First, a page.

THE DEVELOPMENT AND FEASIBILITY OF A BRIEF RISK REDUCTION INTERVENTION FOR NEWLY HIV-DIAGNOSED MEN WHO HAVE SEX WITH MEN.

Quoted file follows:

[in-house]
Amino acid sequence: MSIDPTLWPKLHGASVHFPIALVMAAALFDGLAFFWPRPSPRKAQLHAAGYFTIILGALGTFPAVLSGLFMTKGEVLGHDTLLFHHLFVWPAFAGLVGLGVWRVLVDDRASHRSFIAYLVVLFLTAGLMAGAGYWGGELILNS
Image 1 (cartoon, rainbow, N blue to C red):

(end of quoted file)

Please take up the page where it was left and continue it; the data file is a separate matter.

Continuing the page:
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Men who have sex with men (MSM) represent more than half of all new HIV infections in the United States. Utilizing a collaborative, community based approach, a brief risk reduction intervention was developed and pilot tested among newly HIV-diagnosed MSM receiving HIV care in a primary care setting. Sixty-five men, within 3 months of diagnosis, were randomly assigned to the experimental condition or control condition and assessed at baseline, 3-month, and 6-month follow-up. Effect sizes were calculated to explore differences between conditions and over time. Results demonstrated the potential effectiveness of the intervention in reducing risk behavior, improving mental health, and increasing use of ancillary services. Process evaluation data demonstrated the acceptability of the intervention to patients, clinic staff, and administration. The results provide evidence that a brief intervention can be successfully integrated into HIV care services for newly diagnosed MSM and should be evaluated for efficacy.